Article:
About a month ago, my husband returned from another seven-month deployment. The previous deployments/detachments brought many of the same feelings as this one: excitement, anxiousness, etc. Adding to those was the feeling of terror of how my daughter would react to her father, at just a little over a year old. I try not to keep track of how many days my husband is gone, I think I would be quite depressed(!), but I do know my husband missed something like nine months of the first year of our daughter’s life. This is one of those areas that it seems like everyone has a comment on: “Little girls always know who their daddies are,” “Well you’ve been able to Skype right? She’ll do fine,” “She will recognize his voice,” and so on. It reminded me of being super pregnant and people saying, “You’ve definitely dropped! You’ll go soon,” “It doesn’t look like the baby has any more room in there!” They mean well, but when you’re forty-one weeks pregnant, few things are comforting. I appreciated that everyone was trying to make us all feel better, but it didn’t calm my nerves.
Those who know me well know that I do baby sign language with our daughter. If you don’t know or have Baby Signing Time, I absolutely recommend it. Our daughter says the “regular” amount of words for her age, but she signs about fifty more. For example, this morning I asked her if she wanted to go outside, then that she needed her shoes and hat before we could. She signed “outside,” “shoes,” and “hat,” then stood by the door. The first dvd, which we started while my husband was away on a three-month detachment, introduces all the basics, as well as family members. My parents were in town, so she started comprehend mom, grandma, and grandpa almost immediately. Dad was one she didn’t understand, and one that she didn’t understand the entire time he was gone, no matter how many times I did the sign over Skype, FaceTime, or through pictures and phone calls.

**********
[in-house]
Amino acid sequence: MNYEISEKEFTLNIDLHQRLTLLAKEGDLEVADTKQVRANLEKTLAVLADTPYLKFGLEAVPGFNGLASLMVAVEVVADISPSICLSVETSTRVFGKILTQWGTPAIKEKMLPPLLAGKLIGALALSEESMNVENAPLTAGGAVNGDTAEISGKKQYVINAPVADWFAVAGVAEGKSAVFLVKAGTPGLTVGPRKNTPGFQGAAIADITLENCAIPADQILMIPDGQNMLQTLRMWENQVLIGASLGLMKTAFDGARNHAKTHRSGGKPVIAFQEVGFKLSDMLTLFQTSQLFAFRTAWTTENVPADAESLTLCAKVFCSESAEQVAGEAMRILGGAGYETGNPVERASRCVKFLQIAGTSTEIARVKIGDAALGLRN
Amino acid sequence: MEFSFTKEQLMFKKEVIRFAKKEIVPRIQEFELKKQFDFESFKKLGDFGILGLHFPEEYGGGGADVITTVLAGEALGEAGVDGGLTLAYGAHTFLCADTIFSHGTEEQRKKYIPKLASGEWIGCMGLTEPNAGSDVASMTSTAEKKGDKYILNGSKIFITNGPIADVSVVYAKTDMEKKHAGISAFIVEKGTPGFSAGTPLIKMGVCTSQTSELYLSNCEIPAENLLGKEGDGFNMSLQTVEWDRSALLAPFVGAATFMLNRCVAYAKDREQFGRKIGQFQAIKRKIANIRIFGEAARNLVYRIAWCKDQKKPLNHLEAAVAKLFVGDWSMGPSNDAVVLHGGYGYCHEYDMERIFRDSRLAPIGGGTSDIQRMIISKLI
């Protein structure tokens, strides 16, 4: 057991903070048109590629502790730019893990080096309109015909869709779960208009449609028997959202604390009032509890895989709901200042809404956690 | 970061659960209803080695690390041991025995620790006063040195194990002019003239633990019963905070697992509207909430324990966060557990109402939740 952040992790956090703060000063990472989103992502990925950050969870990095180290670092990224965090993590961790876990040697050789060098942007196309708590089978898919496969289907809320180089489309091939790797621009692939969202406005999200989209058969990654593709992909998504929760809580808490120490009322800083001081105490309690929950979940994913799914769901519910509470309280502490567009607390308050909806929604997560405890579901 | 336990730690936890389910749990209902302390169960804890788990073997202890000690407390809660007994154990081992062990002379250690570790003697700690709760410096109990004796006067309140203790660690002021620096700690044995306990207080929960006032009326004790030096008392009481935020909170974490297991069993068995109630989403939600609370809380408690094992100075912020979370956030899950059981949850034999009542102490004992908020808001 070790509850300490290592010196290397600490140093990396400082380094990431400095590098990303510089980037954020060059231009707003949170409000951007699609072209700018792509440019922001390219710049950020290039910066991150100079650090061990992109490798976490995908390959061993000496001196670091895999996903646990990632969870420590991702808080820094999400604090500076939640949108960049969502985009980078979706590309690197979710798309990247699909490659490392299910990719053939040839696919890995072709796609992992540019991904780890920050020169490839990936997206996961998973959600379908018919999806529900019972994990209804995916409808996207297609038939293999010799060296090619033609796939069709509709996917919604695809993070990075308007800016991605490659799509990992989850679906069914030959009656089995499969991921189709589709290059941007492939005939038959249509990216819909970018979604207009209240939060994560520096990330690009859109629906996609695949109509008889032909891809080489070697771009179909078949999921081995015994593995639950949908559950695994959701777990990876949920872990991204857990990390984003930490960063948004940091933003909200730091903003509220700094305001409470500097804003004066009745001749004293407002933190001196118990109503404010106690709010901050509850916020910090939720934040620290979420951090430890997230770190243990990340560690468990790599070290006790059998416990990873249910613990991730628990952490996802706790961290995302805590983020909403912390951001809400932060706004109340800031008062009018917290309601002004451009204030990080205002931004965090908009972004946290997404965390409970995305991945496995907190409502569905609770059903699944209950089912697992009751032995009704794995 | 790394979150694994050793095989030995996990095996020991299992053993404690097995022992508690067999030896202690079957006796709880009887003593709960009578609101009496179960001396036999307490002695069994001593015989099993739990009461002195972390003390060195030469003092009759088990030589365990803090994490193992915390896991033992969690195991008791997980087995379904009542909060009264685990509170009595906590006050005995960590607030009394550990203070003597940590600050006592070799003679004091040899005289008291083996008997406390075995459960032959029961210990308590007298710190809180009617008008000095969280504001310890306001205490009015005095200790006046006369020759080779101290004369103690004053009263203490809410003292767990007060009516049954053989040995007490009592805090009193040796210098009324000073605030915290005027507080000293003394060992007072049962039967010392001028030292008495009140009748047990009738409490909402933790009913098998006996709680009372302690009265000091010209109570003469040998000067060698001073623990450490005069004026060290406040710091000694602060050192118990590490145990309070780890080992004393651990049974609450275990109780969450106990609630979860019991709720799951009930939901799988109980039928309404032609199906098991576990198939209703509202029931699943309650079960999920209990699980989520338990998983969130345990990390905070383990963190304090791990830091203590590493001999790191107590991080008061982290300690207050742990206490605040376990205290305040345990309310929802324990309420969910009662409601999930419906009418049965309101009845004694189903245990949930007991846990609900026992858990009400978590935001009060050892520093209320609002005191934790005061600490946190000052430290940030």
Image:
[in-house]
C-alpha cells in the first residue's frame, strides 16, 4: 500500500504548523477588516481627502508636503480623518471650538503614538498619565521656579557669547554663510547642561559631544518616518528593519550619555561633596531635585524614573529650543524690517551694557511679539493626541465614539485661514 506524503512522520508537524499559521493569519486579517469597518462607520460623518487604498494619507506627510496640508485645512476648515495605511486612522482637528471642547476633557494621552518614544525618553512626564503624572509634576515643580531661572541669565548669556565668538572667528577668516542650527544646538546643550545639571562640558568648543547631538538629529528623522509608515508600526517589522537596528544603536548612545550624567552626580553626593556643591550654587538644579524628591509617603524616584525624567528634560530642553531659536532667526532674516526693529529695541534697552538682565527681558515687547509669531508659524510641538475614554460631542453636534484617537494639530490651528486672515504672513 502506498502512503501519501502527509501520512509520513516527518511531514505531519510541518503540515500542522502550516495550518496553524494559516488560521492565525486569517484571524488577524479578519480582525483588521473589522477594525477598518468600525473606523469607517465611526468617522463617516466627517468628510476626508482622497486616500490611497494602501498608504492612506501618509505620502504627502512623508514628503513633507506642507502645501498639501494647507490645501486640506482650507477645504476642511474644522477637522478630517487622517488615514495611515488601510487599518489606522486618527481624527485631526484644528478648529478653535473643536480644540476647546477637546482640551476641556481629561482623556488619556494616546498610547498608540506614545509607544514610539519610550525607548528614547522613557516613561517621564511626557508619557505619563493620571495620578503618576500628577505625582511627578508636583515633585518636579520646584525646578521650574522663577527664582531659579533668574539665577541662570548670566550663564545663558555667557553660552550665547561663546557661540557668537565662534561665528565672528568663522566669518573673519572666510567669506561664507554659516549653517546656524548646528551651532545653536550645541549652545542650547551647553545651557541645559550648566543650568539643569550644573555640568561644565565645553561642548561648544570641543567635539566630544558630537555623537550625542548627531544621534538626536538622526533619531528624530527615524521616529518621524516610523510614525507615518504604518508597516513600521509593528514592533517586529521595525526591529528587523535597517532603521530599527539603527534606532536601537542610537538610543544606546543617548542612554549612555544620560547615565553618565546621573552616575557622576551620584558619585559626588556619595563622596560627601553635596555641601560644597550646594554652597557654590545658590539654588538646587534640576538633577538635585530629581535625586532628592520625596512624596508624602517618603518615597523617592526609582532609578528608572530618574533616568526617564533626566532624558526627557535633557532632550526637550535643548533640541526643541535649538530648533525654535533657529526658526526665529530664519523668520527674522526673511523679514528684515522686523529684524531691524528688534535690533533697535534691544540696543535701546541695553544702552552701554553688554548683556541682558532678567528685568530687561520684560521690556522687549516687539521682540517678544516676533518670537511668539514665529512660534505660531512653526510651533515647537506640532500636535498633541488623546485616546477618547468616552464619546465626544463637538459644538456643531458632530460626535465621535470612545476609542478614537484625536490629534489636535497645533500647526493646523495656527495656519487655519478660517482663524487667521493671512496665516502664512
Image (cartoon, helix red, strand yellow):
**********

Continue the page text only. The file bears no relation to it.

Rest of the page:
Of course, no one knows a child better than his/her parent(s), so I started to explain to my husband that she may not remember him. The time he was gone was the time where she started understanding who people were, and without him tangibly around…I didn’t want him to be disappointed. We talked about it often, and he seemed to understand. This paired with the fact that I don’t allow anyone to hold my daughter unless she reaches for them (some crazy CNN article I read when I was pregnant said that this is a helpful protectant against sexual predators, the child doesn’t feel like he/she has to go to any adult, stranger or otherwise), I wanted to be as honest as possible with my husband.
On the night my husband returned, she looked at him like “I feel like I should know you, but you’re definitely a stranger.” I saw his disappointment through the fake laugh when she cried as he tried to hold her for the first time…and the second time…and the hundredth time. My husband is a great dad; he isn’t afraid to change diapers, or do bath time, he plays on the ground with her, takes her for walks in her “car,” and so on, but it wasn’t an easy adjustment for her, or for him. It has taken time, and I know it will take more before they are 100% sure of each other.
The point of this blog is to reassure all the mommies, or daddies if mommy is deployed, that it’s ok if your child takes a little longer to readjust. I know my husband has seen his friends’ children at homecomings sprinting towards their waiting arms, and I’m sure he was hoping for that, too. Now that she’s well on her way to becoming a daddy’s girl, I have a feeling that will be reality for the next homecoming!
(Oh, and she certainly understands the sign for “dad” now. )
Do you have a story about your family reuniting? Please share below!